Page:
Failure: There’s None; There’s Only Feedback

11 May

Failure - there is none

If you are aware of NLP (Neuro-linguistic Programming), you have heard these words before. There is no failure, only feedback. This is something I thoroughly believe in from my personal experiences and from listening to those of others.

Failure & Writing: Personal Experience

Most of you who are a regular here know how I switched careers from being a software engineer to a full-time writer. The most wonderful thing about this whole transition is that I never thought of it until a month before I dived into writing full-time. Some would feel this was a sudden, unforeseen move–may be even unplanned.

However, I like to call it well-planted in my subconscious long beforehand–a passion. It was just a matter of the right time when my conscious mind would accept and cooperate.

Yet, all is not always merry. Since I have embarked into writing, I have had several experiences. Some bitter-sweet, some exceptional and some neutral. It’s the bitter-sweet ones I am interested in exploring with this post today.

Rejections are Still Sweet

Needless to say, I have had my own share of rejections. But do writing rejections really equal failure?

If you notice, I don’t describe any of my experiences as plain bitter. Even if they were not as uplifting, they were interesting somehow. They had (and continue to have) the sweetness factor. There lies the mentality of embracing your rejections and accepting them not as bitter but as bitter-sweet. And it makes a massive difference in how you move forward.

If you’re a writer, you will have your own set of raving readers. At the same time, you will have people who are not exactly your greatest fans. Every single writer goes through this: be it Stephen King or Mark Twain.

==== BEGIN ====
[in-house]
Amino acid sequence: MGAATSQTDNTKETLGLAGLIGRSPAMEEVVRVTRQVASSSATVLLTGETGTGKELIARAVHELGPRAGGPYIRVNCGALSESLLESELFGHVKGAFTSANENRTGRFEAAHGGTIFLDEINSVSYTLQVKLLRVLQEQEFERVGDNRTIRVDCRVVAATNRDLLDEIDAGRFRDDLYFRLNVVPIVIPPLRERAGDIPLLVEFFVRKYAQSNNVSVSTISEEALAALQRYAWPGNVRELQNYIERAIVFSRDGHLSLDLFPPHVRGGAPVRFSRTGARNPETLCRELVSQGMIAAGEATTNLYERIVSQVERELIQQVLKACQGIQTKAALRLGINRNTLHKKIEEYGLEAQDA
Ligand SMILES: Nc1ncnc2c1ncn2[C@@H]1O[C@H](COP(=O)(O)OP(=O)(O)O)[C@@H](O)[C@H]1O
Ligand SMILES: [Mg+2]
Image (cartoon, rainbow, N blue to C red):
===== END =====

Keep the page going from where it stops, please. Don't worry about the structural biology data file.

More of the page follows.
The point? Rejections are a part of our life–failure is not. The key lies in understanding that when you get rejected, you aren’t failing. You are just being provided a feedback by a reader of what they felt about your writing at that particular point in time.

So the best we can do is to thank the reader for their graciousness. Why? Because they took the time to give you feedback. Even if they didn’t say a word, their response said a lot. In the field of writing which thrives on how the readers (consumers of business) receive it, it is extremely important for writers to understand that even a rejection is a feedback and extract the right information from it.

The Impermanence of a Feedback

Recently, something happened which opened my eyes and made me tweak my perception of things. There was this gig I was really interested in. Though it was in a different niche and required a different writing style, I was up for it. I made contact with the person concerned and they promptly replied back that this was not the style they were looking for.

However, I continued to follow up the “rejection” by telling them what I had done in past and that they can always shoot me an email when they need me. While I expected this to be the end of conversation, the person came to closely know of my other writing I had done and offered me a new gig which was not their immediate priority and but a soon-to-be one.

In short, they saw I cared for my work and their feedback about me changed–from bitter-sweet to sweet.

Conclusions

Imagine what would have happened if I acted like a thumb-sucker and stopped marketing my skills with a bland “Thank you” email? I would never get the unadvertised gig. What this means is, even if you feel like you’re being turned down, it is not end of the road. It is a two-way fork–which extends on sides and just appears like a dead-end of failure.

So before anything, accept the fact that you are a human and you cannot please everyone on the planet. You can however, gain useful insights from each and every encounter you have with your readers. That information, be it in the form of disliking your work or its rejection, is gold. You learn.

Take feedback to heart but don’t consider it as a failure. Because there is none.

How do you cope with bitter-sweet feedback? Was there a time when you considered feedback as failure? Tell us your story in the comments.

Photo by Angelo González via flickr.